The Flow matrix is a novel method to describe and extrapolate transitions among categories. The Flow matrix extrapolates a constant transition size per unit of time on a time continuum with a maximum of one incident per observation during the extrapolation. The Flow matrix extrapolates linearly until the persistence of a category shrinks to zero. The Flow matrix has concepts and mathematics that are more straightforward than the Markov matrix. However, many scientists apply the Markov matrix by default because popular software packages offer no alternative to the Markov matrix, despite the conceptual and mathematical challenges that the Markov matrix poses. The Markov matrix extrapolates a constant transition proportion per time interval during wholenumber multiples of the duration of the calibration time interval. The Markov extrapolation allows at most one incident per observation during each time interval but allows repeated incidents per observation through sequential time intervals. Many Markov extrapolations approach a steady state asymptotically through time as each category size approaches a constant. We use case studies concerning land change to illustrate the characteristics of the Flow and Markov matrices. The Flow and Markov extrapolations both deviate from the reference data during a validation time interval, implying there is no reason to prefer one matrix to the other in terms of correspondence with the processes that we analyzed. The two matrices differ substantially in terms of their underlying concepts and mathematical behaviors. Scientists should consider the ease of use and interpretation for each matrix when extrapolating transitions among categories.
more » « less Award ID(s):
 1637630
 NSFPAR ID:
 10485017
 Publisher / Repository:
 MDPI
 Date Published:
 Journal Name:
 Land
 Volume:
 12
 Issue:
 7
 ISSN:
 2073445X
 Page Range / eLocation ID:
 1471
 Format(s):
 Medium: X
 Sponsoring Org:
 National Science Foundation
More Like this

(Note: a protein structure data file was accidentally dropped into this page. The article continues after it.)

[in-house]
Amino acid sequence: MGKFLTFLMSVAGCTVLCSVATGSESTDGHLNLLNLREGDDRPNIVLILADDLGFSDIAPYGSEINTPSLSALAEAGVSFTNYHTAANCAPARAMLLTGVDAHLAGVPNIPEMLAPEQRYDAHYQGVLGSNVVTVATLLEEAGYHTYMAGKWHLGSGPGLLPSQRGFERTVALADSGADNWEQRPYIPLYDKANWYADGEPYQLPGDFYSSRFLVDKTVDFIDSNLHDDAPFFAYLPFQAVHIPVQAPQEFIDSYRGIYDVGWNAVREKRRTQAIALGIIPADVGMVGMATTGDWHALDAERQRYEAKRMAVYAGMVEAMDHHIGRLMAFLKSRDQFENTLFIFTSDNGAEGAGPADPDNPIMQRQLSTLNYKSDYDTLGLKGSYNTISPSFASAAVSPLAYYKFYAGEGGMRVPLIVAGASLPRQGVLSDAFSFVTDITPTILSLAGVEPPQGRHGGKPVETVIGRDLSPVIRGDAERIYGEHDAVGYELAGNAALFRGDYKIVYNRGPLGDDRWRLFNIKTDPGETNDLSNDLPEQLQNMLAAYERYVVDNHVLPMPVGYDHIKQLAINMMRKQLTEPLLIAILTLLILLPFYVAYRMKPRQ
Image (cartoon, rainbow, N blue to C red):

Analytic perturbation theory for matrices and operators is an immensely useful mathematical technique. Most elementary introductions to this method have their background in the physics literature, and quantum mechanics in particular. In this note, we give an introduction to this method that is independent of any physics notions, and relies purely on concepts from linear algebra. An additional feature of this presentation is that matrix notation and methods are used throughout. In particular, we formulate the equations for each term of the analytic expansions of eigenvalues and eigenvectors as {\em matrix equations}, namely Sylvester equations in particular. Solvability conditions and explicit expressions for solutions of such matrix equations are given, and expressions for each term in the analytic expansions are given in terms of those solutions. This unified treatment simplifies somewhat the complex notation that is commonly seen in the literature, and in particular, provides relatively compact expressions for the nonHermitian and degenerate cases, as well as for higher order terms.more » « less

null (Ed.)Conventional methods to analyze a transition matrix do not offer indepth signals concerning land changes. The land change community needs an effective approach to visualize both the size and intensity of land transitions while considering possible map errors. We propose a framework that integrates error analysis, intensity analysis, and difference components, and then uses the framework to analyze land change in Nanchang, the capital city of Jiangxi province, China. We used remotely sensed data for six categories at four time points: 1989, 2000, 2008, and 2016. We had a confusion matrix for only 2016, which estimated that the map of 2016 had a 12% error, while the temporal difference during 2008–2016 was 22% of the spatial extent. Our tools revealed suspected errors at other years by analyzing the patterns of temporal difference. For example, the largest component of temporal difference was exchange, which could indicate map errors. Our framework identified categories that gained during one time interval then lost during the subsequent time interval, which raised the suspicion of map error. This proposed framework facilitated visualization of the size and intensity of land transitions while illustrating possible map errors that the profession routinely ignores.more » « less